Another disciplinary proceeding in this jurisdiction, In re Morgan, D.C.App. (Nos. S-35-75/D-21-77 Nov. 14, 1977), involved an attempt by an attorney to resign voluntarily under circumstances similar to those in the instant case. After pleading guilty to a felony charge, Morgan submitted a letter of resignation to the Secretary of the Bar (in which he acknowledged his plea) before this court took action to suspend him and before Bar Counsel had begun an investigation into his conduct. The Bar Secretary rejected his resignation. In its Report the Disciplinary Board noted that

traditionally an attorney cannot moot a disciplinary inquiry by resignation from the Bar, for such a tactic would preserve his or her opportunity to reapply for admission, or apply for admission in another state, on the basis of an unscrutinized professional record a result contrary to the duty of the Bar and of the Court to deter future misconduct and protect the public. [Findings and Recommendations of the Disciplinary Board, Bar Docket No. 112-74B (Oct. 5, 1976).]

The Board concluded that Morgan lost his "good standing" within the meaning of Rule II, § 6 upon entering his guilty plea to a felony and, therefore, that he was ineligible to resign voluntarily because he tendered his resignation after the plea.

Respondent contends that the Secretary was required to accept his resignation because, unlike Morgan, he was in good standing when he tendered it since his letter was delivered to the Bar offices before the formal entry of his guilty plea. We reject this contention and conclude that the Secretary acted properly in rejecting respondent's resignation letter in light of the language of Rule II, § 6.

At the time the Board decided In re Morgan, Rule II, § 6 provided that an attorney in good standing ceased to be a member of the Bar upon filing a letter of resignation with the Secretary. In its present form,[4] however, the Rule makes resignation effective only "upon written notice of acceptance of such resignation from the Secretary after consultation with Bar Counsel" (emphasis supplied). Thus, under the current version of Rule II, § 6 an attorney remains a member of the Bar until the Secretary (1) consults with Bar Counsel concerning his resignation and (2) notifies him that his resignation has been accepted. In the instant case, the Secretary consulted Bar Counsel after receiving respondent's *348 letter of resignation and learned thereupon that an investigation had commenced based upon his plea and convictions. Thus, respondent was no longer in good standing and the Secretary could not accept his resignation.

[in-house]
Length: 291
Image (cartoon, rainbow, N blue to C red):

Moreover, we find the Board's interpretation of the amended rule and the result in the instant case consistent with "the duty of the Bar and of th[is] Court to deter future misconduct and protect the public." In re Morgan, supra at 8. By making voluntary resignation effective only upon acceptance by the Bar Secretary after consultation with Bar Counsel, Rule II, § 6, as amended, does not allow an attorney to avoid imminent disciplinary review by filing a voluntary resignation on the eve of the commencement of an investigation or disciplinary proceeding. The rule served precisely this purpose in the instant case.

Accordingly, the findings in the Report and Recommendation of the Board on Professional Responsibility are hereby accepted.

NOTES

[1] In his brief respondent contends that Bar Counsel informed him, in response to an oral inquiry he made before submitting this letter, that he was not the subject of an investigation or pending disciplinary proceeding before the Bar.

[2] The order also denied respondent's petition for a writ of mandamus, by which he sought to compel the Bar Secretary to accept his letter of resignation.

[3] The Board did not determine whether respondent's resignation, tendered after his guilty plea but before the court accepted the plea, was filed when he was technically in good standing within the meaning of Rule II, § 6.

[4] Rule II, § 6 was amended following In re Morgan, supra, in which the Board encouraged this court to clarify the meaning of the former version of the rule or adopt amendments designed to clarify the conditions under which an attorney is eligible to resign voluntarily.